As I continue on through the bibliography of Jane Austen, next on my list of book reviews is Emma. Now, I am aware that it should in fact have been Mansfield Park next if I wanted to go in order. Truth be told, I was swayed partially by the recent 2020 theatrical release of Emma, as well as a podcast discussion involving Clueless. And for those of you not aware of the connection between the 90s movie Clueless and Emma, stay tuned, I plan to write a post about that soon as well. I have not seen the new Emma, and only one of the many film versions, but would definitely like to see the new one. And it is for those reasons, that I shuffled the order slightly, for which I hope I can be forgiven, since Emma was fresh on my mind. But rest assured, the next Austen book will be Mansfield Park.
Emma is a lively and entertaining novel that I thoroughly enjoyed. I think largely in part due to the youthful nature of its main character, both physically and emotionally. Emma displays a naivete and exuberance for matchmaking brought on by her social status and spoiled upbringing by a widowed father and young governess, which makes for a refreshing and delightful read. I found myself eating up this novel, reading it whenever I could, and finding myself excited over an Austen book in a way I had not felt since Pride and Prejudice. However, I am still not ready to have it usurp Pride and Prejudice as my favorite Austen novel, but I think it’s fair to say Emma is a close second.
This is not a knock on Sense and Sensibility, which you may recall from my previous review(insert link) I did enjoy, but Emma just seems lighter with a more positive tone. This suits the storyline, where I must admit, the sadder tone of Sense and Sensibility did suit it’s content, given what the sisters had to endure. With Emma, there are troubles that the characters encounter, but not to the same extent, and with more of a comedic misfortune. The main focus in Emma is her folly with matchmaking, and in the end she does learn from her mistakes. With Sense and Sensibility, you felt sorry for the main characters and what they had to endure, but it’s not the same with Emma. You don’t feel bad for her, as her errors are of her own making and it is truly a part of growing up for her to learn from them and grow wiser because of it.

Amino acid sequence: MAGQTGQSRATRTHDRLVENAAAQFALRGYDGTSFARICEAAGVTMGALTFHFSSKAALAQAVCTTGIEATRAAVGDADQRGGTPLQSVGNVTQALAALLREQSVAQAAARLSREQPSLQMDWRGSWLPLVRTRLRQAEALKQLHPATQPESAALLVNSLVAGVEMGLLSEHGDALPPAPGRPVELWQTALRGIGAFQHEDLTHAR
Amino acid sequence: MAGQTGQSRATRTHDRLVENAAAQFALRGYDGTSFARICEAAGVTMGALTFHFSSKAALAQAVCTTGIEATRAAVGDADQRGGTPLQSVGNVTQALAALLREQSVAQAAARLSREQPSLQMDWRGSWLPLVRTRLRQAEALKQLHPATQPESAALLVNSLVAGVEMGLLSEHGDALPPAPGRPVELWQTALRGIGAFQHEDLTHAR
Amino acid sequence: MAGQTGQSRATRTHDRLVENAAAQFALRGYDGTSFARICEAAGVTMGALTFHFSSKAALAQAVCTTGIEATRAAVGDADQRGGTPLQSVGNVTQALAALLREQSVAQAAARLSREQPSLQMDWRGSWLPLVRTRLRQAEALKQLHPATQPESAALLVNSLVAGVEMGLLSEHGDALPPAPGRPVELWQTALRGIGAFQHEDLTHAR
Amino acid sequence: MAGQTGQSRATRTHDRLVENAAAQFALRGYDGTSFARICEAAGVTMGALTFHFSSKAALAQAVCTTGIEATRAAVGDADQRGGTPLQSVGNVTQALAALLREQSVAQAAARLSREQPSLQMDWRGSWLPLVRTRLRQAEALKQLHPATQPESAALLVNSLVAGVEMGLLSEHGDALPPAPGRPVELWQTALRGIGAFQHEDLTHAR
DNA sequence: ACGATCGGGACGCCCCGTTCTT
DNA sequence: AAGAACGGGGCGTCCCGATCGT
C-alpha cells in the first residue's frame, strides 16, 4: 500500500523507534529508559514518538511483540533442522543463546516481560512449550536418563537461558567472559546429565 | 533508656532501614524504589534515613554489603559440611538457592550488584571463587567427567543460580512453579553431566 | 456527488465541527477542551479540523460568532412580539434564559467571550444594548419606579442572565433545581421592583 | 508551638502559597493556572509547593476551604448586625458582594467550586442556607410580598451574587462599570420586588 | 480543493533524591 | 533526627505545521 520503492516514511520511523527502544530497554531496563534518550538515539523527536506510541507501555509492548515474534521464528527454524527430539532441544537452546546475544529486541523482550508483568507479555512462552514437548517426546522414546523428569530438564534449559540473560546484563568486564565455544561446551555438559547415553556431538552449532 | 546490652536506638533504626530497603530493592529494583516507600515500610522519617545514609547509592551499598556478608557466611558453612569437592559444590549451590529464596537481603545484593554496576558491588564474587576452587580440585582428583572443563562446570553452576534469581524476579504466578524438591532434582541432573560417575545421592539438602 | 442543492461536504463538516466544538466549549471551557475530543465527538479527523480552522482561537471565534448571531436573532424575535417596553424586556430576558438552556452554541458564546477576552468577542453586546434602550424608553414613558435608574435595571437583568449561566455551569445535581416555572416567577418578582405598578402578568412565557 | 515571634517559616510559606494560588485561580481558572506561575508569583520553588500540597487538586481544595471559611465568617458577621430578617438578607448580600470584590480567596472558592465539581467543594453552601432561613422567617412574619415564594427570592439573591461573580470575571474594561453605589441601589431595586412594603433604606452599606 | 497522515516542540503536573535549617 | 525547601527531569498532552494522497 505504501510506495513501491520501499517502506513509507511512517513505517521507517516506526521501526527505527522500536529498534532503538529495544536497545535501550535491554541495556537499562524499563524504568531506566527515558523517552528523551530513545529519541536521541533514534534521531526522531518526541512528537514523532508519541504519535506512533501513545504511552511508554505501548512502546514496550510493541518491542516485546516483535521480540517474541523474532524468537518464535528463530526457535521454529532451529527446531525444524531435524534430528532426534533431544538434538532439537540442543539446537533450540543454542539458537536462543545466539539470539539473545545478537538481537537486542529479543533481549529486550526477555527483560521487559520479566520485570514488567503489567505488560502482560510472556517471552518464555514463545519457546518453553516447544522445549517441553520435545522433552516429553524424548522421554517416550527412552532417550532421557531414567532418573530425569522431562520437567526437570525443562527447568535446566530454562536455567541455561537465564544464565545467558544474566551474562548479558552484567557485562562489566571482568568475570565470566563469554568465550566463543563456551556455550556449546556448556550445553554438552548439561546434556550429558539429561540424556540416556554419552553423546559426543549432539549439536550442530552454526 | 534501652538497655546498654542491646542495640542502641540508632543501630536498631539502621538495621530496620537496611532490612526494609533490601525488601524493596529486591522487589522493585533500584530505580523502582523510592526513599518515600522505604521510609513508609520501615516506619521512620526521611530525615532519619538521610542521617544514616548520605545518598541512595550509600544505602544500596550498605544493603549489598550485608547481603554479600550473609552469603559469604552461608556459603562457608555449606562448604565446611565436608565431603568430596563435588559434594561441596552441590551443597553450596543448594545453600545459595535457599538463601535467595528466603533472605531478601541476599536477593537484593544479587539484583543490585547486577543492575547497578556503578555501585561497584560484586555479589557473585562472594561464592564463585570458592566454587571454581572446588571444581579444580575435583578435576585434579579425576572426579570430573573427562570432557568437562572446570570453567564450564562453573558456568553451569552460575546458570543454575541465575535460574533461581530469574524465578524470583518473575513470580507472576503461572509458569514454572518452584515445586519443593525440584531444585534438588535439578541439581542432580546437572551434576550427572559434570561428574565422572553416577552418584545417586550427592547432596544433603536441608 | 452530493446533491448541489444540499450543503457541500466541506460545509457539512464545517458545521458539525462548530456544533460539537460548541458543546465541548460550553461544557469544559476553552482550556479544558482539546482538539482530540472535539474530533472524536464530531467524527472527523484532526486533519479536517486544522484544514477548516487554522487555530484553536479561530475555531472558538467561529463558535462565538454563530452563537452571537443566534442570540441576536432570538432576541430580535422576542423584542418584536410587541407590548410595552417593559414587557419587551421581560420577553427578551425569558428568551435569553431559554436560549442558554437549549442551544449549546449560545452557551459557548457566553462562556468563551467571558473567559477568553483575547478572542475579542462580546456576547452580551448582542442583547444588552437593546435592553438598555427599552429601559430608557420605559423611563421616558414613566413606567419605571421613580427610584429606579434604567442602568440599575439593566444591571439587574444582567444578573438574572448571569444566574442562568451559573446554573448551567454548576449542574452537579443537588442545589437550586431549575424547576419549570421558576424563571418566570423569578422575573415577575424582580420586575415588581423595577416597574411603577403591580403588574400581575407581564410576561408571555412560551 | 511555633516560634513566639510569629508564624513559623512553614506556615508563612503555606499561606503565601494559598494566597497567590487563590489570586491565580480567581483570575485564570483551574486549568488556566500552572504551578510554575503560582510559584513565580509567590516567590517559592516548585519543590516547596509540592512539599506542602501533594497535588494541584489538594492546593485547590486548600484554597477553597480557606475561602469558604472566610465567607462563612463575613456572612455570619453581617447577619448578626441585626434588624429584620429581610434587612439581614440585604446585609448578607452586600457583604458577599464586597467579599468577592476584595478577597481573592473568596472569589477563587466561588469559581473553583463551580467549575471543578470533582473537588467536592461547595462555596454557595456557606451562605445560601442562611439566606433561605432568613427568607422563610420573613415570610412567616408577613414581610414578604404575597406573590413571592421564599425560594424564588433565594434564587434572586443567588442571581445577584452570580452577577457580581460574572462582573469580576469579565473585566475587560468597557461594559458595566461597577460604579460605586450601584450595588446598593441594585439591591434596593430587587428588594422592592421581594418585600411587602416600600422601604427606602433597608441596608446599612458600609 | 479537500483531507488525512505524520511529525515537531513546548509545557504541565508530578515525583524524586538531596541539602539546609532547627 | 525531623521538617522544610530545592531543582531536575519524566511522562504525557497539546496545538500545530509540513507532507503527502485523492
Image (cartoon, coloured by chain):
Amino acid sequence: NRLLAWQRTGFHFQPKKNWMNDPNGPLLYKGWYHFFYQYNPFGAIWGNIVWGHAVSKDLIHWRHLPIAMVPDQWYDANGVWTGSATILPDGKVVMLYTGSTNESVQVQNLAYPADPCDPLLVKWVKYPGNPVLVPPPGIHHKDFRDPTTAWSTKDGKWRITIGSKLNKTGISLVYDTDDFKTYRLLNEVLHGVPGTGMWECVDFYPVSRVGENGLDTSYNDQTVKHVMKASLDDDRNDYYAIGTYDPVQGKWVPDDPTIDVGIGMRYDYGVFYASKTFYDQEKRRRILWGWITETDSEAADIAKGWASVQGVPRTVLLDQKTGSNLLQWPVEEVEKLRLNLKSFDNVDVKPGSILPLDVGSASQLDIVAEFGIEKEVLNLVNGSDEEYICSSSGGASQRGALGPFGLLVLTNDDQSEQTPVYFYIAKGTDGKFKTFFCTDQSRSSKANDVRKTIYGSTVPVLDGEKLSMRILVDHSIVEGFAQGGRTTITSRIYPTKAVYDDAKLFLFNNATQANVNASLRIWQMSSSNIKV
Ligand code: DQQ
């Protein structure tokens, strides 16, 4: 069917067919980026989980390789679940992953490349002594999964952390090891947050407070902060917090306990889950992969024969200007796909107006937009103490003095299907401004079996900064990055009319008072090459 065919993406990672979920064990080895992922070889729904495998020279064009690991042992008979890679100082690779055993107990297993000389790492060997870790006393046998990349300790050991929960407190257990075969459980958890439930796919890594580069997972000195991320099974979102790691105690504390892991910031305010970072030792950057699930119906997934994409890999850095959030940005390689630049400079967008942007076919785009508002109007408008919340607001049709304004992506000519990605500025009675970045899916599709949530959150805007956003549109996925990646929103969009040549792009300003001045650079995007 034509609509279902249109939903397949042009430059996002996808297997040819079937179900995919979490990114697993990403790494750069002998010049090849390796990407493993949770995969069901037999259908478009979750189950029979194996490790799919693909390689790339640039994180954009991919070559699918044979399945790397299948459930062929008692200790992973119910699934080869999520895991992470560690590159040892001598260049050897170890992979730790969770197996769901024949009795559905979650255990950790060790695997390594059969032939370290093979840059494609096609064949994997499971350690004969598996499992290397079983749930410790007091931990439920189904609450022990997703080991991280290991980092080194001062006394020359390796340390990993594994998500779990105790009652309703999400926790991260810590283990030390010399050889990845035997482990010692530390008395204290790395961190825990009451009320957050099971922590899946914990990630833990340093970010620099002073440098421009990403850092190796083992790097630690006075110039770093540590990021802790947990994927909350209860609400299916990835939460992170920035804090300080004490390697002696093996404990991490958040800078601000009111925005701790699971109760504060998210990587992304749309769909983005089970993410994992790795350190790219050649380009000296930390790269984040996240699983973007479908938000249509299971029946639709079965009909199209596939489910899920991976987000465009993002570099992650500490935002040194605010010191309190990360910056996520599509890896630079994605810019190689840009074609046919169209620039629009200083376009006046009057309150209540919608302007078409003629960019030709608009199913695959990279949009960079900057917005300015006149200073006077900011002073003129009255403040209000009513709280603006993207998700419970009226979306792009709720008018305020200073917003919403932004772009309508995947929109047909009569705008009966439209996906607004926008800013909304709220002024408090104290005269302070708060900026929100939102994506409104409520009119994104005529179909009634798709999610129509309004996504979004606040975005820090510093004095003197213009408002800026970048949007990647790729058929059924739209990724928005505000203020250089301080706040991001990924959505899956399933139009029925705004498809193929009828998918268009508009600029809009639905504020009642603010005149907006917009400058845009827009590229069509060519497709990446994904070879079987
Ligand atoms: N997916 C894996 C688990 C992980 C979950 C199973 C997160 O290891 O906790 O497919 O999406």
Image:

Now for some general information about the novel before I get in further thoughts. I want to introduce some of the characters in the book, who interact with Emma either on a daily basis or regularly in their town of Highbury. Of course, we have Emma Woodhouse, whom the book describes as “…handsome, clever, and rich, with a comfortable home and happy disposition, seemed to unite some of the best blessings of existence; and had lived nearly twenty-one years in the world with very little to distress or vex her.” Then we have Emma’s former Governess and good friend Miss Taylor/Mrs. Weston. Emma’s father chooses to call her Ms. Taylor throughout the book, as that is how he knew her for sixteen years. Ms. Taylor had raised Emma from a small child when her mother passed away, up until Ms. Taylor married a widowed neighbor.